In Python there are various types of operators, whose purpose is to perform operations on variables and data, but in this tutorial we’ll just be looking at those operators which are used in the example game.

**ASSIGNMENT OPERATOR**

The
assignment operator = was looked at earlier in the tutorial, and it’s
used to give a value to a variable. For example, here we give the
value of 4 to the variable * intNumber* and then
display it on the screen:

intNumber = 4

print (intNumber)

**ARITHMETIC OPERATORS**

The arithmetic operators are the same as the functions you’d find on a calculator, for example addition + subtraction – multiplication * division /

Here
we add two numbers together and assign the result to the variable
* intResult*, then display it:

intResult = 3+4

print (intResult)

This following code assigns values to two variables, subtracts one from the other and puts the result into a third variable, then displays it:

intNumber1 = 4

intNumber2 = 5

intResult = intNumber2 - intNumber1

print (intResult)

**COMBINING ASSIGNMENT AND ARITHMETIC OPERATORS**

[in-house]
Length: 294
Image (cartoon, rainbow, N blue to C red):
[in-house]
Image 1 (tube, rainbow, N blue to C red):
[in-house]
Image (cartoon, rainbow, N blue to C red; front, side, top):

It’s possible to use a shorthand format for an expression that performs an arithmetic operation and assigns it to a variable.

What happens in the following code is that the variable * intNumber* is first given the value of 5. On the next line the right hand side of the = operator is evaluated and results in the value of 11. This is then assigned to the same

*variable and printed on screen:*

**intNumber**intNumber = 5

intNumber = intNumber + 6

print (intNumber)

In
the second line of the above code * intNumber*
simply adds 6 to itself to give the value 11, and it can be rewritten
in a shorthand format as seen below:

intNumber = 5

intNumber += 6

print (intNumber)

The second line in each of the above 2 programs has exactly the same effect, and it’s a matter of personal preference which format you choose – use whichever one you’re most comfortable with. Personally I like the latter shortened method, simply because there’s less to type and it reduces the chance of a typo (typing mistake.)

**OPERATOR PRIORITY**

Arithmetic operators have different priorities, in the same way as they do in mathematics. For instance, multiplication and division have a higher priority than addition and subtraction.

Consider this:

intNumber = 1+2 * 4

print (intNumber)

Is the result 12? (1 + 2 = 3, and then 3 * 4 = 12)

Or is it 9? (2 * 4= 8, and then 1 + 8 = 9)

You might think it’s 12 because the 1 + 2 part comes first, but in fact the result is 9 due to the multiplication symbol having a higher priority than the addition operator (the computer calculates 2 * 4 first.)

If in the above example you wanted the computer to calculate 1 + 2 first you can use brackets, these have a priority higher than any operator:

intNumber = (1+2) * 4

print (intNumber)

The computer calculates 1 + 2 first and then multiplies it by 4, giving the result 12.